Palermo: city of contrasts

by Andrea.Kirkby

The Sicilian capital of Palermo is an amazing mixture of Arab, Byzantine and Italian – a busy city, where the traffic never slows down, and life never stops

Palermo never ceases to amaze. It's a ferment of noise: chaotic streams of cars disobey all the traffic lights, and double park on every available inch of street; you have to push your way through crowded street markets where bursting ripe fruit spatters on the pavement.
 
It's a city of surprises, too. You'll see baroque churches and Renaissance palaces that could be anywhere in Italy – but there are churches with strange red turban-like domes and Byzantine mosaics, reflecting the heritage of the Arab-Greek-Norman kingdom of the middle ages.
 
With all these riches it's difficult to pick out the best things just for a weekend. It's like trying to eat only the glacé cherries out of a Christmas cake. But it can be done – just.
 
You'll want to stay somewhere that is reasonably central, but where you can recover from the sheer energy of the city. The Hotel Vecchio Borgo fits the bill well – it's a few blocks from the city centre, well modernised but in a characterful neighbourhood. Above all, it has good sound insulation to cut out the noise from outside.
 
Let's start with the baroque and visit the Oratorio of Santa Cita, entered through the church of the same name. This chapel glistens with white stucco – there's not another colour in sight. The 1690s plasterwork, by Giacomo Serpotta, is amazingly ornate. His angels are true Palermitans. They gang up together, dance and frolic and climb up on the window frames for a better view. You may have seen Roman baroque – austere and dramatic; this is much more playful, and more raucous too.
 
The Royal Palace shows you an older Sicily but one in which ornate display was equally important. The Palatine Chapel was built by Roger II, and it blends Norman architecture, Byzantine mosaic and Arab carpentry in a glorious muddle of styles. The muqarnas ceiling, with its hundreds of sparkling facets, is impressive enough – but look carefully and you can see paintings of courtly life: dancers, peacocks, lute-players.
 
Though the palace is now the home of the Sicilian parliament,  you may be lucky enough to gain admittance to some of the state apartments, including the hall of mirrors. The most impressive, though, is  Roger II's mosaic-encrusted bedroom. (If these mosaics really impress you, you might want to miss out one of the other sights and go to the church of the Martorana instead. This church was built by Roger II's admiral, George of Antioch, a Greek – and its mosaics are very nearly as splendid as the king's.)
 
Take your lunch from one of the stalls in the street markets; panelle, chickpea fritters, are a speciality. Or head for the Antica Focacceria di San Francesco (Via Paternostro), in the medieval Kalsa district, not far from the palace, for stuffed focaccia – cheap, authentic, and incredibly filling – or more of the almost inevitable panelle.
 
Spend the afternoon in the Palazzo Mirto, on Via Merlo, also in the Kalsa quarter. It's a little-known gem – an aristocratic palace that still feels as if the noble family that lived there have just popped out for the afternoon. Its origins are medieval but what's on show is mainly from the 18th and 19th centuries – a view of a life of leisure and ease that has long gone.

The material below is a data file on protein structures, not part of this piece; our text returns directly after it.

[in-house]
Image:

For our last stop today you'll need strong nerves. Head for the Capuchin catacombs, where 8,000 dead Sicilians from the 16th century onwards are on view. They've been naturally mummified by the action of chemicals in the soil. There are lawyers, doctors, girls in their first communion dresses, nobles; and even the tiny corpse of an infant in its swaddling clothes. It's gruesome; and if one of the flickering electric lights fails, as one did when I was there, it can get very spooky very quickly.
 
On Sunday, let's do something different and take a trip out of town (though if you missed any of the sights yesterday or want to add La Martorana, you could do that in the morning). Take a bus out towards Monte Pellegrino and hike up to the Santuario di Santa Rosalia. Palermo is spread out beneath you, on its curved bay, but you're far from the noise of the city – though this being a Sunday half of Palermo has probably accompanied you up here!
 
The rather plain neoclassical façade of the sanctuary doesn't promise much. But inside is a marvel – an entire church in a cave, water seeping down the bulging rock roof. A Heath Robinson-esque contraption of metal gutters, tubes and pipes collects the holy water for use in the church. Statues have been pushed into every hollow in the stone; it's like a mad rockery turned inside out.
 
For your last evening, head down to Mondello, Palermo's seaside resort. (There's a bus, but if you fancy a trek, you can hike it.) I came here one cold January to eat fresh sea urchins in a beachside restaurant – salty, soft, and subtle, the flesh was well hidden inside the spiny shells, but a deft twist will extricate it.
 

Andrea.Kirkby

Andrea Kirkby is a writer and photographer with a passion for travel. So far, she's hiked the pilgrim trail to Santiago de Compostela, climbed Oman's highest mountain, and walked around St Petersburg's canals at two in the morning during the White Nights. It's still not enough... Favourite places: the island of Torcello and the Venetian lagoon; the ice cream parlour by the pier on Buyuk Ada, Turkey; Laon, the first and most lovely of the Gothic cathedrals; Lubeck, with its Hanseatic warehouses and fantastic marzipan; Ruestempasha mosque and the Tahtakale market, Istanbul; the shipyards of Sur, Oman; the Fens with their huge skies and black earth; the Silver Tiger bar in Prague with Pilsner Urquell on draught; the front bar of the King's Head, Norwich.